Two military veteran lawmakers from across the aisle joined together in a true display of patriotism and bipartisanship to “carry on” the stories of the soldiers in D-Day by parachuting together into Normandy, France, during the 75th anniversary of the invasion.
On Sunday, Rep. Michael Waltz (R-Fla.), a former Green Beret, and Rep. Jason Crow (D-Colo.), a former Army Ranger, recreated the famous jump made by the Allied Forces during the liberation of Normandy in the Second World War. Both lawmakers served in Afghanistan.
Crow had also served in Iraq and noted in a tweet that the two units he served as a part of — the 82nd Airborne and the 75th Rangers — both took part during the D-Day invasions.
What a day! Honored to have the opportunity to jump into Normandy to remember the soldiers who did the same jump 75 years ago during the Allied invasion. Both of the units I served with – the 82nd Airborne & 75th Rangers – were part of D-Day. Proud to carry on their stories today pic.twitter.com/pfCzNRvNwB
— Jason Crow (@JasonCrowCO6) June 9, 2019
“What a day!” Crow wrote. “Honored to have the opportunity to jump into Normandy to remember the soldiers who did the same jump 75 years ago during the Allied invasion. Both of the units I served with – the 82nd Airborne & 75th Rangers – were part of D-Day. Proud to carry on their stories today.”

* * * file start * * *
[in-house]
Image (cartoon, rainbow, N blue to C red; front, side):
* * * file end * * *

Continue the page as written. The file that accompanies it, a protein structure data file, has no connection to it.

The jump was Crow’s first since 2005.
In a statement to Fox News, Waltz recalled the experience as “deeply moving” and “unforgettable.”
“It was deeply moving,” he said. “It was an unforgettable experience to make the same jump so many brave men made to defend Europe and the world during World War II.”
Waltz also posted a tweet about the jump as well as a video in a separate tweet of the leap itself.
An experience I’ll never forget.
— Rep. Michael Waltz (@RepMichaelWaltz) June 9, 2019
Here's my view from today's jump in #Normandy!
— Rep. Michael Waltz (@RepMichaelWaltz) June 10, 2019
The Democratic congressman told the Colorado Sun on Friday that he and Waltz wanted to show “some unity and a common bond” by making the jump together and were the only two U.S. lawmakers among the 1,000 people making the jump on Sunday.
The two lawmakers leaped alongside two British World War II veterans in their mid-90s who had made the original jump into France under the cover of night in June 1944.
Last week marked the 75th anniversary of the Allied Powers’ invasion of Normandy to liberate France from Nazi Germany control.